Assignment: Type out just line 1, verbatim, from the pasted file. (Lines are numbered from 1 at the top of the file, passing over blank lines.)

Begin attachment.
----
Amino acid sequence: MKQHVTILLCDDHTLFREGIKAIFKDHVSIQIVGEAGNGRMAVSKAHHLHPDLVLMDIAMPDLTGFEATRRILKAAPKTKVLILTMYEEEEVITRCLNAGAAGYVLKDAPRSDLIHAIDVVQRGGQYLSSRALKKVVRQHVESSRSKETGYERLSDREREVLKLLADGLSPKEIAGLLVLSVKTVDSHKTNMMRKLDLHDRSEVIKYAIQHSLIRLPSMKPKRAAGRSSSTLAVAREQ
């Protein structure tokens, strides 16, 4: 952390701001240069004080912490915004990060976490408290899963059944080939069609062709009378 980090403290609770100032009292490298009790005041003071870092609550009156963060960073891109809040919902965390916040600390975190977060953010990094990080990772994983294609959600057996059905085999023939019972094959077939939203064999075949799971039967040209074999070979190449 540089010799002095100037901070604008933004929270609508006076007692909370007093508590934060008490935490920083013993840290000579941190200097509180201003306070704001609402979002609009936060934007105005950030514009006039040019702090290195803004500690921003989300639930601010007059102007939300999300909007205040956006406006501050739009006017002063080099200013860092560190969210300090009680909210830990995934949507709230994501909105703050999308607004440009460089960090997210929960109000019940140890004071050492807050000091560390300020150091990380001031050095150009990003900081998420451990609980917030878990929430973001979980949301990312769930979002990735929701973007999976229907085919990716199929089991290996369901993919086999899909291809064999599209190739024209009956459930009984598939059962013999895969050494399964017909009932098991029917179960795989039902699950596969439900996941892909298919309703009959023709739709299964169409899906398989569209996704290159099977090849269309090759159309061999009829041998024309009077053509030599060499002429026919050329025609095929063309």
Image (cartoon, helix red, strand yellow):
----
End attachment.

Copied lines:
Amino acid sequence: MKQHVTILLCDDHTLFREGIKAIFKDHVSIQIVGEAGNGRMAVSKAHHLHPDLVLMDIAMPDLTGFEATRRILKAAPKTKVLILTMYEEEEVITRCLNAGAAGYVLKDAPRSDLIHAIDVVQRGGQYLSSRALKKVVRQHVESSRSKETGYERLSDREREVLKLLADGLSPKEIAGLLVLSVKTVDSHKTNMMRKLDLHDRSEVIKYAIQHSLIRLPSMKPKRAAGRSSSTLAVAREQ